Components | August 29, 2012
Apple drives Samsung’s foundry sales surge—Again!
The two fierce competitors in electronic systems endure "marriage of convenience" for ICs.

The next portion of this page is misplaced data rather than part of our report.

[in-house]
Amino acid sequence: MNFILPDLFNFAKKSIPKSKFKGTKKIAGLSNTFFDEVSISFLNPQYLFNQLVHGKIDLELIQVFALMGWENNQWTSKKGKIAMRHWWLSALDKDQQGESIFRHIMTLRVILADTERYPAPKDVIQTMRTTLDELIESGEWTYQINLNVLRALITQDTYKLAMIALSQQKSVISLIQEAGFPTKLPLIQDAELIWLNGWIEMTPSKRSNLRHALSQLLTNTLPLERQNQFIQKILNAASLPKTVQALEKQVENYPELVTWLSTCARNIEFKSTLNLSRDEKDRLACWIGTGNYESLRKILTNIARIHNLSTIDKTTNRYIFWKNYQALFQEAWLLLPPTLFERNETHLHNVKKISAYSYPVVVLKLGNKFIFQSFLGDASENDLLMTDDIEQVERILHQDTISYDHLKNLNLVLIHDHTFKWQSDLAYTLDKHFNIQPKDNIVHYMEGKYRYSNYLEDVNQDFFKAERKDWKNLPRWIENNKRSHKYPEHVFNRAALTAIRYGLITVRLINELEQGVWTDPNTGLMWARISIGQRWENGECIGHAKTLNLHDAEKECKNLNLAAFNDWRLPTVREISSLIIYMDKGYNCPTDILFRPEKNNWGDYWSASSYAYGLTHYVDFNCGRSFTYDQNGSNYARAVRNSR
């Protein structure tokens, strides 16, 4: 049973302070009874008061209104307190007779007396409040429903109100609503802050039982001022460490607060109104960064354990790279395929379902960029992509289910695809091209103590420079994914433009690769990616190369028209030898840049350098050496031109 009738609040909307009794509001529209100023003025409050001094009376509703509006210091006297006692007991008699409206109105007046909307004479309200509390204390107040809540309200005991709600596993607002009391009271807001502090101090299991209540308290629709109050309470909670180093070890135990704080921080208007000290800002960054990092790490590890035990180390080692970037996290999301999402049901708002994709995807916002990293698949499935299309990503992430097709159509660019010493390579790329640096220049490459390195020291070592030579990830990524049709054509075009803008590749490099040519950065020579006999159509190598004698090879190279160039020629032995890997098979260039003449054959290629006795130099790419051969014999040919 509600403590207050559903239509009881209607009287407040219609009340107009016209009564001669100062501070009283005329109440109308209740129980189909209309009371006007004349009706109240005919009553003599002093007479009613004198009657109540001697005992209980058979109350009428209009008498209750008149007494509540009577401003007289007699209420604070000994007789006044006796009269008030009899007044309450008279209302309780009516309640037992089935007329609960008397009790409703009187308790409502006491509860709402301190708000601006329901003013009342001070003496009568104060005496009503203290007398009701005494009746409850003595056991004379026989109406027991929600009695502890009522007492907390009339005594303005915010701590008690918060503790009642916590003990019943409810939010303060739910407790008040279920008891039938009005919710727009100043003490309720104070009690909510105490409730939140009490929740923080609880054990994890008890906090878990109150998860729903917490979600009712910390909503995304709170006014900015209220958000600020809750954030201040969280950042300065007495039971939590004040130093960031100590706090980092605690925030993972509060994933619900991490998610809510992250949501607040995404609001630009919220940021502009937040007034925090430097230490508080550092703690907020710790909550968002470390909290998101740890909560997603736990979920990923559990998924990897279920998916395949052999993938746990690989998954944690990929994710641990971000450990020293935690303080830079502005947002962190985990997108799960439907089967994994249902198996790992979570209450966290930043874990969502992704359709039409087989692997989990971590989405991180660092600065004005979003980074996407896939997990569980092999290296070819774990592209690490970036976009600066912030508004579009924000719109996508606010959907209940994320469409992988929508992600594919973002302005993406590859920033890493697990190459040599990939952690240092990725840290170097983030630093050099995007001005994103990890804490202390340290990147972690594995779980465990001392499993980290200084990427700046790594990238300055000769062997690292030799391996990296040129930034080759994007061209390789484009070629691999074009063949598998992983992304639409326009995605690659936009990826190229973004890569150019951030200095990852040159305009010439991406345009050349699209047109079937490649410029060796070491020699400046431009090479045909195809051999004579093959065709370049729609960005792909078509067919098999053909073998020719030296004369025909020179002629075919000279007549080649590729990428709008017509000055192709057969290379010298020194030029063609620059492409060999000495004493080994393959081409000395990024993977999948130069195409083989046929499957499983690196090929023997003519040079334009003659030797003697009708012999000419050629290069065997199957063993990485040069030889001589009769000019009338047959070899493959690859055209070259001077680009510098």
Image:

A ranking of the forecasted 2012 top 12 IC foundries (pure-play and IDM) shows, that TSMC, by far, is expected to remain the leading foundry. In fact, TSMC’s 2012 sales are forecast to be almost 4x that of second-ranked GlobalFoundries, which in turn is expected to have more than 2x the sales of the fifth-ranked foundry SMIC. Samsung is expected to be the largest of only three IDM foundries in the 2012 ranking with almost 8x the sales of IBM, the second-largest IDM foundry. In total, the top 12 foundries are expected to represent 89% of the total foundry sales (IDM and pure-play) in 2012. This share is eight points higher than the 81% figure the top 12 represented in 2009 (before Samsung dramatically ramped up production for Apple). With the barriers to entry (e.g., fab costs, access to leading edge technology, etc.) into the foundry business being so high and rising, IC Insights expects this “top 12” marketshare figure to steadily rise in the future. For the second year in a row, Samsung is expected to be ranked as the fourth largest IC foundry. However, IC Insights believes that the company will challenge UMC for the number three spot in the ranking in 2013. Samsung has the ability (i.e., leading-edge capacity and a huge capital spending budget) and desire to become a major force in the IC foundry business. It is estimated that the company’s capacity dedicated to its IC foundry business reached 130K 300mm wafers per month in mid-2012. Using an average revenue per wafer figure of $2,500, Samsung currently has the potential to produce annual IC foundry sales of about $3.9 billion. In 2Q12, Samsung was by far the largest supplier of smartphones in the world, shipping an estimated 54 million handsets with Apple coming in second after selling about 26 million iPhones. Thus, in total, Samsung and Apple represented almost half of the total worldwide smartphone shipments (168 million) in 2Q12. As a result, Samsung is enjoying a tremendous amount of synergy by supplying application processors to the largest (i.e., itself) and second-largest (i.e., Apple) suppliers in the world of one of the hottest electronic system products in the world—smartphones. After surging by 82% in 2011, Samsung’s IC foundry sales are forecast to jump by another 54% in 2012, which would make it the fastest growing top-12 IC foundry last year and this year. Moreover, Apple’s 2012 share of Samsung’s total foundry sales is expected to be 85%. However, as Apple begins to engage other foundries (e.g., TSMC) to produce its custom processors, Samsung will need to make up for these lost sales by signing up additional large-scale customers. While Apple and Samsung are currently embroiled in a dramatic courtroom battle concerning various lawsuits and counter-lawsuits regarding system level patents, Apple is still very reliant on Samsung for advanced IC processor production for its iPad tablets, iPhone handsets, and iPod portable media players. It should be noted that TSMC was working at over 100% utilization in mid-2012 and essentially had no ability to allocate large amounts of leading-edge IC production capacity to Apple. One important factor that is oftentimes overlooked with regards to the Samsung/Apple IC supply relationship is the large amount of memory, both DRAM and flash, that Apple buys from Samsung, the largest IC memory manufacturer in the world. Since Apple is such a big memory customer, Samsung is able to “bundle” its IC offerings to Apple and deliver a cost-effective high-volume supply of leading-edge flash memory, DRAM, and processors to the company. It should be noted that, as of mid-2012, no other foundry in the world could come close to matching Samsung’s total IC supply capabilities. Thus, while Apple and Samsung battle it out in the courtroom over system level issues, at the chip level, Apple must continue to endure its “marriage of convenience” with Samsung. There is no doubt that Apple is looking to diversify away from being so reliant on its major system level competitor (Samsung) for the production of its advanced ICs. However, IC Insights believes this transition is likely destined to happen over a few years rather than a few quarters. Overall, IC Insights believes that the leading-edge IC foundry business is going to be very competitive between the four major advanced technology suppliers—TSMC, GlobalFoundries, Samsung, and UMC. With the continued success of the fabless companies as well as the strong movement by many IDMs (Integrated Device Manufacturers like TI, Renesas, ST, etc.) to the fab-lite business model, IC Insights expects the IC foundries to witness very strong demand for their services over the next few years.
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